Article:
GORDO BANKS PANGAS
San Jose del Cabo
June 21, 2015
With the summer season now officially upon us we have seen an increase of
crowds, as many school have already ended school semesters are now on
vacation. The latest Tropical Storm, “Carlos” dissipated off of mainland
Mexico and never amounted to anything for Southern Baja, except for raising
the heat and humidity factors, ocean swells barely even were visible and
very few clouds were seen. Sunny days, with highs in the lower 90’s, winds
predominately from the south, out of San Jose del Cabo, ocean conditions
were calm and this is where the water temperatures were up to 80 degrees.
Currents have fluctuated, pushing in cleaner water and then perhaps even
the next day, shifting currents would sweep in off colored greenish water,
this is time of year when we can see these rapidly fluctuating currents,
which can affect how active the fish can be in certain areas on a given day.
Anglers were relying on the bait source found in the marina area, caballito
and moonfish most readily available. Though there were reports of massive
schools of mullet seen along the beaches just on the Pacific side of Cabo
San Lucas, have not seen these mullet in significant numbers for some time.
Just like clockwork the larger sized roosterfish have arrived and are now
patrolling inshore beach stretches, roosters weighing up to 70 lb. were
landed and released this past week. Please remember to catch and release
these prized trophy gamefish whenever possible, as they are not known for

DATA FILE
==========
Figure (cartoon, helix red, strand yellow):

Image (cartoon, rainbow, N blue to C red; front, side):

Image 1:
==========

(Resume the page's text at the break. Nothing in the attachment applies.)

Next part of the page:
their eating qualities, instead they are sought after for their fighting
quality and for being a true gamefish, being found only in few places of
the Eastern Pacific Ocean.
Striped marlin were the main species found offshore, at times found very
close to shore, striking on trolled lures, as well as on available
baitfish. Main center of action was found offshore of San Jose del Cabo and
Red Hill. A few sailfish now in the mix as well, swordfish were encountered
by sportfishers venturing further offshore, 15 to 30 miles from shore.
There have been reports of some blue marlin strikes that were lost. So
anything could happen on any given day. Nothing much going on for yellowfin
tuna now, though a handful of private charters found yellowfin further
offshore traveling with porpoise, this is the season where we see the tuna
moving with these mammals.
Dorado action was limited, an occasional larger bull being accounted for,
one 37 lb. dorado was brought in La Playita, there were more juvenile sized
schooling dorado found, these fish should be released with care, so that
they can have the chance to mature, reproduce and help maintain healthy
Wahoo were definitely in the area, but anglers were fortunate to land one,
as they were just not striking very aggressively. Most that were hooked
into were from Palmilla Point and north of Punta Gorda, weighed to over 40
pounds. With more bolito appearing on the local grounds and favorable water
conditions, these fish could go on a big bite anytime.
Panga charters were working inshore reefs and finding some amberjack,
pargo, snapper, bonito, cabrilla and others, most of these fish were
striking on the larger baitfish or on cut bait, a few of the amberjack were
in the 70 pound class. Though last week we saw more numbers of these
amberjack, conditions have fluctuated some, mainly clarity of the water,
this could be a factor of the bite being off, could turn back on at any
time. The roosterfish have been striking fairly consistently, quality sized
fish, not uncommon to hook into a half dozen or more of these fish.
The combined panga fleets launching out of La Playita, Puerto Los Cabos
Marina sent out approximately 102 charters for the shortened week, with
anglers reporting a fish count of: 2 sailfish, 13 striped marlin, 44
dorado, 7 wahoo, 3 grouper, 27 amberjack, 13 cabrilla, 5 dogtooth snapper,
9 pargo colorado, 6 sierra, 15 yellow snapper, 7 jack crevalle, 8 bonito
and 88 roosterfish.
Good fishing, Eric
GORDO BANKS PANGAS
Eric Brictson / Operator
Los Cabos (624) 142-1147